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Seven Jiu-Jitsu Moves for Advocates to Use MAP-21 to Their Own Advantage

OK, truth: Raise your hand if you find federal transportation legislation intimidating and incomprehensible.

T4America's new document will help communities improve mobility and keep everyone safer. Photo: T4America

I thought so. Me too.

The problem, as you know, is that it’s enormously important that advocates not only understand the new transportation law, MAP-21, but that they understand it in granular detail so they can find the small opportunities buried in a depressingly large mass of disappointment.

So a big thank-you goes out to the folks at Transportation for America, who just released exactly the resource advocates need: a guide to the law called “Making the Most of MAP-21.”

In addition to providing a basic outline of the law and its relevant provisions (and omissions), the document contains some excellent how-to’s and talking points for advocates and project sponsors trying to squeeze funding for sustainable transportation projects out of programs biased heavily toward auto-oriented infrastructure.

Here are a few of the excellent ideas that stand out:

Ask states to flex highway funds for bridge repair. One major hidden peril of MAP-21 is that it transferred the responsibility of repairing 460,000 bridges that aren’t on the National Highway System (NHS) to the overburdened Surface Transportation Program (STP), without adding any money for it. In fact, STP has $5 billion of new responsibilities under MAP-21 and only $1 billion of new money.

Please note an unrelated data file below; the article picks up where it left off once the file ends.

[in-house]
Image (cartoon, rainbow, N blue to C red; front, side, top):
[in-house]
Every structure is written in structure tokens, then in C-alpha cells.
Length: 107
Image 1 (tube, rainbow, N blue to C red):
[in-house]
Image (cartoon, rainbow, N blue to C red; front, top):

Source: T4America

Luckily, there’s a solution: States can flex up to half of their National Highway Performance Program (NHPP) funds, normally earmarked for NHS projects, to other uses. After all, NHS gets a disproportionate share of funding: “Although the NHS represents only five percent of all American roads, fully 58 percent of the highway program is committed to its upkeep,” the report says.

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Everything You Wanted to Know About Transit Funds (But Were Afraid to Ask)

Transit agencies can have a hard time finding the money to expand rail lines and busways. While federal grants for road projects require a 20 percent local match, transit projects need to get 50 percent or more from local funding sources. The byzantine federal funding bureaucracy creates high hurdles, especially for smaller agencies without on-staff expertise in applying for and managing these grants. Loans and private sources of funds are also difficult, since they need to be paid back, and transit tends not to make back its capital outlays from the farebox.

How Tucson funded its streetcar. Source: T4America

Enter Transportation for America’s new how-to guide, Thinking Outside the Farebox [PDF]. It breaks down the many options, delving into the pros and cons of a wide variety of funding and financing mechanisms. It explains why general obligation bonds are cheaper but riskier than revenue bonds, and why GARVEE bonds might be worth it, even though they’re essentially paid for with future formula funding. It points out that one big benefit of federal TIFIA loans is that you don’t have to start paying them back until five years after project completion, so you have a chance to get revenue coming in. And it notes that ballot initiatives to fund public transportation have a 70 percent approval rate over the past decade, but other taxes like those on special assessment districts can be controversial and hard to get passed.